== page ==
Nik: So when we see you out on the beach, you’re actually working, not just fooling around with your GoPro?

Jace: Every once in a while. 

Nik: Tell me about the Amos Rehabilitation Keep (ARK). Is it some kind of fortress? 

Jace: The ARK was started in 1982 by Tony Amos to rehabilitate coastal animals and birds. The first year they had seven animals; last year we had more than 1,500. I don’t know of another Reserve with a rehab facility, so that’s a unique feature at Mission-Aransas. A lot of the funding comes from community donations and a large grant from the BP oil spill. 

Nik: That’s right—you’re also recovering from an oil spill.

Jace: That happened in 2010. We actually never had oil on our beach, so a lot of people ask me why we got money. But if you look at sea turtles and migratory birds, they were impacted, and those animals do come to Texas.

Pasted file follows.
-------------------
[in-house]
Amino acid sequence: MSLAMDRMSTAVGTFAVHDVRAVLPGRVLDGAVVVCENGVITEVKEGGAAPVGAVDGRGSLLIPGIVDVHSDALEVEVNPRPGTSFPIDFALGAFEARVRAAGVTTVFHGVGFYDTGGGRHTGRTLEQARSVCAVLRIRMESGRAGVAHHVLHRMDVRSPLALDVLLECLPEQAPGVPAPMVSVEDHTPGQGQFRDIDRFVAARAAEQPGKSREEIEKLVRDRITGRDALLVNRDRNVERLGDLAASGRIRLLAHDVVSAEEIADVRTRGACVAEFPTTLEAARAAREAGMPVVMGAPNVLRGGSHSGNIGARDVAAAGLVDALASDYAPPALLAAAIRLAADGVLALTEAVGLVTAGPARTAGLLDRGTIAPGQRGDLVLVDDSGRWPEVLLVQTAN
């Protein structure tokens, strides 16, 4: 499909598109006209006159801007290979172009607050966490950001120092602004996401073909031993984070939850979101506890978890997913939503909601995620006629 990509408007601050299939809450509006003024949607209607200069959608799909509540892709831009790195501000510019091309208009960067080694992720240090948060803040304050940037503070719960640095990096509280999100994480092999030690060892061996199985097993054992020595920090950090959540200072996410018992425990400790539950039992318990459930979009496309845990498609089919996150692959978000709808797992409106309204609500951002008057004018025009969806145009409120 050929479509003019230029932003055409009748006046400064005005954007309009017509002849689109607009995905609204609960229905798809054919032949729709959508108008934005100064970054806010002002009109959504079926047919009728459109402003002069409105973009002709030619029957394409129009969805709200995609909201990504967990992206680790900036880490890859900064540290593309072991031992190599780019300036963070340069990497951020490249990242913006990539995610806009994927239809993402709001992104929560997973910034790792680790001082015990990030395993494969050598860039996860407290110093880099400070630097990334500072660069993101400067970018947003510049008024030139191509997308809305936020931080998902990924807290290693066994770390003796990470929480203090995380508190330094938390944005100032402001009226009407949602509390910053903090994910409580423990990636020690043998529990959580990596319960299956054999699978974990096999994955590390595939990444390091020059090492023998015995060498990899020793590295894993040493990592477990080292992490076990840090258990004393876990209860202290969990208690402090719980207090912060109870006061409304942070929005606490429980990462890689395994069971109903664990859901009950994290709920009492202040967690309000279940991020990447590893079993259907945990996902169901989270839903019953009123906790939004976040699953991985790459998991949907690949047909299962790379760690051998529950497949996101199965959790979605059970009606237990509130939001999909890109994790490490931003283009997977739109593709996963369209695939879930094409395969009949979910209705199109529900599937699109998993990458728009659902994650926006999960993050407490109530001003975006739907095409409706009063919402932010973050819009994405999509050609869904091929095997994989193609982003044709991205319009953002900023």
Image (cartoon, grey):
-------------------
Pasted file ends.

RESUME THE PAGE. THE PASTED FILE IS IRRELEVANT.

Nik: They bring the oil to you?

Jace: Yeah, indirectly. Our main job at the ARK is to get these turtles in, find out what’s wrong with them, and get them back out there. So we help to reestablish what was lost in the spill.

Nik: So much of your recent work has become about plastic pollution. How do you square that with this massive Texas petrochemical industry you’re surrounded by? 

Jace: We don’t play the advocacy role or point fingers at the plastic industry. We just collect data on where these plastic pellets, called nurdles, can be found in the highest concentrations. Before the Nurdle Patrol, no one knew where these pellets were coming from. Now we can see the highest concentrations are where plastic manufacturing facilities are. 

Nurdles, which are the raw material for everything plastic, spill when manufacturers load them for transport and during transport. When it rains, they get into the stormwater and go out to sea.